Developed by Gulti and published by Square Enix, 0 Day: Attack on Earth is a shooter that portrays war against gigantic creatures in familiar cities. Three composers were selected for the title that should be familiar with shooter fans, namely Psyvariar's Yuki Yoshino (aka Emagicker), Raiden's Go Sato, and Radirgy's Kou Hayashi. They focused on conveying the intense battles of the game using a range of militaristic music and occasional experiments. While they succeeded in creating a fitting score, the soundtrack release isn't quite as appealing for isolated listening.
Yuki Yoshino portrays the initial attack on earth with two militaristic compositions. Ideal for the initial action scenes, "The Beginning" is a crisis theme dominated by shrill brass motifs and racing timpani rolls, while "Prologue" takes a slower cinematic approach as the player learns of their mission ahead. The first major highlight is provide by "Sortie". It combines a driving bass line that pushes gamers into the action with a richly shaped string melodies to show the grandiose scenes that are unfolding. Yoshino's other contrbutions, namely the brooding "Inferiority" and gliding "Supremacy", also maintain the orchestral focus and are somewhat reminiscent of the Ace Combat series. Yet while functional and competent, these compositions are far from spectacular. They derive heavily from militaristic tradition, so lack originality, and don't really have the melodiousness or flair to make up for it. What's more, the compositions often lack intricacy and feature mediocre samples. They're acceptable, but not necessarily appealing.
Fortunately, Kou Hayashi's contributions to the soundtrack manage to inspire some interest. What's particularly fascinating about them is how much atmosphere they create with such minimal elements. "Kanda" mainly features just percussion and sound effects, but manages to be a impacting and chilling nevertheless, combining oriental and industrial influences to awe-inspiring effect. "Bridge of Vestige" creates an even more apocalyptic sound with its edgy bass line and dark brass passages, while "Ukareme Undercover" inspires urgency with its blend of exotic percussion and piano runs. Finally, "Kachidoki" blends the percussive and orchestral influences with more prominent techno elements to perplexing effect. In context, these compositions bring out so much energy and atmosphere to the scenes, despite their ambient nature. Out of context, they're unlikely to appeal to many people, but are certainly creative and rhythmically compelling nevertheless.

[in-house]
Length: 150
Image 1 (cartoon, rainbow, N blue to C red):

Go Sato's compositions also hybridise several stylistic elements. While "Shimmer of Hope", "Reckless Bet", and "The Decisive Battle" maintain the orchestral focus, they have considerably more melodic flair and energetic bass lines than Yoshino's compositions. They're still not must-listens, but hardly boring either. He rounds off the game in action-packed style with the dissonant "Disadvantage", heroic "Predominance", and frenzied "Menace". These each bring some character to the score, as they portray the emotions of the protagonists and enemies, and also make the climax of the game considerably more powerful. However, they still lack that spectacular element. The soundtrack concludes with Yoshino's bittersweet military anthem "Epilogue". Finally, Sato offers a relieving rock improvisation "The Morning Sun Lights Up the City" more reminiscent of his music on the Raiden series.
In an era characterised by so many high-quality orchestral scores, the trio behind 0 Day: Attack on Earth struggle to stand out. The majority of these compositions are merely average militaristic compositions that work in context, yet lack creative or entertainment value. The only really outstanding compositions here are Kou Hayashi's and even those are select tastes. The music here is still decent, so some may wish to still purchase a digital copy, especially those with affinity for the game itself. However, most others will be better sticking to Ace Combat and other big budget productions.